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JULY 20TH 1969 - The day the entire world was looking up

It suddenly struck me that that tiny pea, pretty and blue, was the Earth. I put up my thumb and shut one eye, and my thumb blotted out the planet Earth. I didn't feel like a giant. I felt very, very small.
- NEIL ARMSTRONG, MISSION COMMANDER, APOLLO 11

Signature dedicated to the greatest achievement of mankind.

MILDLY DERANGED PHYSICIST does not mind BREAKING the SOUND BARRIER, because it is INSURED. - Simon_Jester considering the problems of hypersonic flight for Team L.A.M.E.

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 Post subject: Re: Let's play: Buzz Aldrin's Race Into Space PostPosted: 2011-09-30 04:28am
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HERMES X, JUNE 1973


Somehow, despite a massive chain of drunken feasts and congratulatory dinners and ticker-tape parades and corruptive interviews with hot reporter chicks and plain old drinking contests all three astronauts who flew on Hermes IX managed to appear to watch the launch of their sister shuttle on its unmanned docking test.

They were, however, dismayed.

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"Freakin' limp-dicked science majors", Dick Gordon mumbled under his nose, seeing that failure of a docking test.

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***
LAPOT VII, JUNE 1973


"Did you hear, comrade Kerman?", Robyodov Nefartnyi decided to start up a polite conversation with his command pilot, "The Murcans have failed yet another docking test yesterday!"

Jeb grinned, "That's because they have no flair!"

"Yes, but...", Robyodov stepped from one leg to another to avoid staining his space suit, "...they flew around the moon pretty well."

"Bah, no flair! Zenobians do everything better! Look, no hands!"

"Ack! Watch it, you're going to get it all over me!"

"For Lenon's sake, comrade Kerman!", comissar Omeganski yelled. He was standing there, right by the bus, with five grim and armed NKVDVDROM men, who were ordered to make absolutely sure the cosmonauts would pee on the bus this time.

But they were practically finished. Before the flight crew was allowed to board the bus again, however, careful photographs were taken of the stains, and a detailed protocol was made, signed by all witnesses. There would be no accidents this time, da!

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Four hours later, the might Proton ignited its engines, and hurled its payload of spacecraft and cosmonauts towards orbit. The night launch was magnificent, and would surely find its way into a great many Only Pravda publications, provided nobody died on the flight. Comrade Kerman's screams of sheer delight would probably not find themselves released in either case, though.

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"We have completed our orbital insertion, comrades! Good outdated and primitive belief system, what a ride! I wanna do it all over again!"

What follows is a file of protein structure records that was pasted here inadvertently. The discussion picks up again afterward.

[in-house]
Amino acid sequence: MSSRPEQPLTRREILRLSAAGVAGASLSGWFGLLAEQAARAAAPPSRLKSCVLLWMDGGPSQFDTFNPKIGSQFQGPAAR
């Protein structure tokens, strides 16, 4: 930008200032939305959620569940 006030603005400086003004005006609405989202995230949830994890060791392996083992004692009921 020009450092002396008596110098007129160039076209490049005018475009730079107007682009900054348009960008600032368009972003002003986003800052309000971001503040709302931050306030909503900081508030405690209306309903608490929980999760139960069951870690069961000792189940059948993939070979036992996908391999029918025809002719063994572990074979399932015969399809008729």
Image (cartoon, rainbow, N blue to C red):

For some reason the sheer insane enthusiasm in Jeb's voice was not enough to make anybody at Baikonurek nervous. They smiled and nodded at the Kerbalistani's zany ways.

"Now, comrades, you will get to ignite your mighty enginoids soon, da? Now we need to run some checkouts, so that..."

"Oh, come ON! Just point us the right way and let's go already!"

"We must ensure..."

"Bah! I ain't gonna do it without any flair, like the capitalists! Robyodov, press the right buttons!"

"But..."

"Press the right buttons I say!"

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"Comrade Chief Designer!", a panicked voice of the flight dynamics engineerski cut through the subdued chatter in the bunker, "They are attempting a burn!"

"But they are not in the correct position yet..."

"Hey flight control dudes, why aren't we going? The computer is saying something stupid. Here, let me help."

The radio transmitted some terrifying bangs and clangs and the computer's whining protests, as the command pilot used something heavy to whack the control panel.

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"Boshemoi...", the engineerski crossed himself in full view of the comissar, which said something about his state of mind, "...the engines have ignited! Nyet! We must scrub the mission now!"

"Comrade cosmonaut, what are you doing?! You are out of position! You will hurl out into deep space!"

Jeb didn't skip a beat, "Nah, we'll just fly it by ear!"

"No! Help!", some other voice came on the line but was drowned out with another delighted howl.

"Tracking stations are reporting the shuttle is leaving orbit...on some...strange course..."

The flight dynamics engineerski fainted.




Flight Day 4

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"Oh hey look, what does this do? And this? Hey, this is cool! Why do we have a gun?"